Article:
The European Union, whose foreign ministers will hold emergency talks on the crisis Friday, said it was in both Iran and Iraq's interests to "take the path of sobriety and not the path of escalation".

The EU's diplomatic chief Josep Borrell said he "deeply regrets" Iran's latest step back from the nuclear deal.

The agreement had offered Tehran relief from sanctions in return for curbs to prevent it acquiring nuclear weapons - but Trump's withdrawal from it in 2018 dramatically weakened the agreement.

Despite its latest step, Iran insisted it will continue to fully cooperate with the UN agency overseeing its atomic programme.


The raw emotions sparked by the killing of Soleimani were on full display in Tehran, where mourners formed a sea of black, dotted with red Shiite flags and white signs, in what state television said was a "several million-strong" turnout.

"The last time I remember such a crowd was at Ayatollah Khomeini's funeral 30 years ago," said Iranian journalist Maziar Khosravi.

As they marched down a main artery of Tehran, the mourners chanted "Death to America" and "Death to Israel".

Soleimani was one of Iran's most popular public figures, seen as a hero of the 1980-88 Iran-Iraq war. He will be laid to rest in his hometown Kerman on Tuesday next to a war veteran he used to fight alongside with.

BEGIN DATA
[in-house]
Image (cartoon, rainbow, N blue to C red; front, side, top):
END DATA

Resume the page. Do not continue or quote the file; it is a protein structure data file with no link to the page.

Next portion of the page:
Trump on Saturday issued a US strike list of 52 targets in the Islamic republic.

READ: Trump's threat to target Iran cultural sites sparks backlash

"Those who refer to the number 52 should also remember the number 290. #IR655 Never threaten the Iranian nation," Rouhani tweeted, referring to 290 lives lost in July 1988 when a US warship shot down an Iran Air plane in the Gulf.

Amid the geopolitical tensions in the oil-rich region, crude prices surged and most equities tumbled while the safe-haven commodity gold hit a more than six-year high.

Source: AFP/de